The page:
In the clubby world of tech banking, Bill Hambrecht is a legend. But until recently, few had heard of him beyond Silicon Valley and Wall Street. That changed in April, when search-engine giant Google (GOOG) filed to raise up to $2.7 billion in an initial public offering. The stock would be sold partly through a novel auction method pioneered by Hambrecht's six-year-old San Francisco financial-services firm, W.R. Hambrecht + Co. The deal, completed last month, sparked a debate about whether power over the pricing and distribution of IPOs is shifting from Wall Street to the issuing companies. With Google's shares trading 32% above the offering price, Hambrecht spoke to BusinessWeek correspondent Justin Hibbard on Sept. 14.
Q: Since the Google IPO, have companies looking to go public been beating a path to your door to do auctions?
A: There were probably a dozen companies that we had been talking to that were probably going to go the traditional route. Now they're at least rethinking the process. And there have been some new ones [expressing interest]. The real difference is that on the larger deals, the [big Wall Street] guys have always trivialized us. The Google thing changed that. Now we're getting considered by a lot of people who would [not] have [previously].
Q: How are you capitalizing on the momentum?
A: The first thing is getting me out of the way and appointing Clay Corbus as co-CEO. Also, back in January, we acquired most of the investing-banking group of SoundView Technology [from Charles Schwab (SCH)].
So, we have a bigger profile out in the field. We're trying to pair up with smart firms that know different sectors. For example, we're going to file an insurance company with Fox-Pitt, Kelton [to take the insurance company public].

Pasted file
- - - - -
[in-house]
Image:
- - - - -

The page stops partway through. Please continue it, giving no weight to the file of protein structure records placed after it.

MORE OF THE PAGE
Q: You've referred to the way the Google IPO was done as a "compromise" rather than a pure auction. Why?
A: Basically the same rule-setting was used as in an auction. The compromise was allowing the [lead underwriters Morgan Stanley (MWD) and Credit Suisse First Boston (CSR)] to control the distribution [of shares]. They said that every institutional order had to go through them. If you go through one [distribution] channel, you're likely to pick up the bias of that channel, and I think it was very clear that channel was biased towards $85 a share.
Q: Is that why the stock rose 18% on the first day of trading?
A: I think so. Because the bids we got from individuals [averaged] $97. And when it traded at $100, that's as accurate as you can get on price discovery. I think the [lead underwriters] would have gotten [more accurate pricing] had they allowed and encouraged all the institutional business to come in through any broker. But traditional underwriters hate that because they lose control.
Q: What's the outlook for your industry?
A: There has been a dramatic shrinking of the investment-banking business. The old commission pool that used to be so profitable has really shrunk. Secondly, there are a lot fewer big deals being done. The revenues are going to continue to be under pressure for the investment-banking business. It's still going to be a reasonably tough business where there are going to be a lot of adjustments in compensation and overhead.
Q: What does the future hold for the IPO market?
A: With new issues, what we'll continue to see are the survivors of the bubble. The analogy is the 1986 IPO class, which had Microsoft (MSFT), Oracle (ORCL), Adobe Systems (ADBE). There were 14 tech-company deals. They were the first wave after the bubble broke in '84 and '85, and I think the same thing has happened here, where you see Google and Salesforce.com (CRM), some really good companies.
What we saw in the '80s was that after the first burst, the market stayed cautious. So you might, once you get through this backlog, see a period where you don't see an awful lot going public. There's a lot of venture money out there, but you don't hear the buzz of a lot of Googles going on. Justin Hibbard is a correspondent in BusinessWeek's Silicon Valley bureau